Caculating a date X years in the future

JenniferMurphy

Well-known Member
Joined
Jul 23, 2011
Messages
1,396
Office Version
  1. 365
Platform
  1. Windows
I need to calculate the date that is X years in the future from some base date. If the base date is 1/01/2000 and X=1, then the future date would be 1/01/2001.

If the base date is in A1 and X is in B1, then I put this code in C1:
Code:
=DATE(YEAR(A1)+B1,MONTH(A1),DAY(A1))

This appeared to work until the base date happened to be a leap day (Feb 29). In that case, the formula returns either Feb 29 or Mar 1 depending on whether the target year is also a leap year or not.

Here are some examples:
ABCD
Jan 01, 20001Jan 01, 2001Correct
Jul 04, 197610Jul 04, 1986Correct
Feb 28, 20041Feb 28, 2005Correct
Feb 29, 20041Mar 01, 2005Incorrect
Feb 29, 20044Feb 29, 2008Correct

<tbody>
</tbody>

I can't really fault Excel. There isn't a Feb 29 in most years. But I think Feb 28 is a better anniversary date than Mar 1 for Feb 29.

Is there a better way to do this? Or do I need to write a UDF to test for the existence of Feb 29 in the target year?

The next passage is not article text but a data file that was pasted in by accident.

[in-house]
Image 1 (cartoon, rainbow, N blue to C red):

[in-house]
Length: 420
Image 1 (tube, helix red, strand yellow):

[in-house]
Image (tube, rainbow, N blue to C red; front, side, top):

I'm going to start a movement to abolish Feb 29. We'll move it to the end of the year and make it a holiday. It will not be part of any month and no one will be allowed to have an anniversary on that date. While we're at it, we'll change all of the months to 30 days and have 5 or 6 extra days at the end of the year. :)
 

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Excel Facts

Difference between two dates
Secret function! Use =DATEDIF(A2,B2,"Y")&" years"&=DATEDIF(A2,B2,"YM")&" months"&=DATEDIF(A2,B2,"MD")&" days"

azumi

Well-known Member
Joined
Jun 4, 2013
Messages
555
Try using this, if you using office 2007 and above or if you on 2003 make sure install Analysis Tool Pack Add Ins...

=EDATE(A1;B1*12) and dragged down as necessary

or long version

=IF(MONTH(A1)=2,DATE(YEAR(A1)+B1,MONTH(A1),DAY(A1)-1),DATE(YEAR(A1)+B1,MONTH(A1),DAY(A1)))
 

JenniferMurphy

Well-known Member
Joined
Jul 23, 2011
Messages
1,396
Office Version
  1. 365
Platform
  1. Windows
Thanks, same solution as Marcel (I assume you meant "," rather than ";" :))

Why would anyone ever use the long version?
 

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